Executive Director of the Foundation for Human Rights in South Africa, Yasmin Sooka, says it is very clear that police in charge of investigations into the death of Ahmed Timol lied to the inquest courts and that the judge at the time fudged the final findings.
A former security policeman who claims to have witnessed the anti-apartheid activist commit suicide by jumping from the 10th floor of the John Vorster Square Police Station in 1971, has been accused of tailoring his evidence under cross-examination.
On Tuesday, Roderigues described to the High Court in Pretoria how he immediately raised the alarm when Timol jumped out of the window.
National Prosecuting Authority Advocate Torie Pretorius questioned how Rodrigues knew the detainee by name, considering an earlier testimony that he did not speak to Timol and the security police's work was shrouded in secrecy.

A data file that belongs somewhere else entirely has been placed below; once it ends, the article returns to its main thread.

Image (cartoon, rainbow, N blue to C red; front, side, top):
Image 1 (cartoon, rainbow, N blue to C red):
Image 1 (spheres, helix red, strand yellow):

Its quite sad that the two policeman who are alive and appeared before the inquest court in the last two days have not taken the opportunity to speak the truth and what is very clear is that both of them are going to risk possibly facing charges of murder.— Yasmin Sooka, Executive Director of the Foundation for Human Rights in South Africa
Sooka says Roderigues daughter who had assisted in finding his whereabouts, warned the foundation that her father may avoid telling the truth.
We expected him to tell the truth, but she had also said to us that he was a pathological liar and I think you have seen signs of that as he gives testimony. She said he tended to embellish and to lie about much of the candid work he had done.— Yasmin Sooka, Executive Director of the Foundation for Human Rights in South Africa
Sooka says a permanent solution is needed to provide closure to families who lost relatives in similar instances.
Listen to more from Sooka here....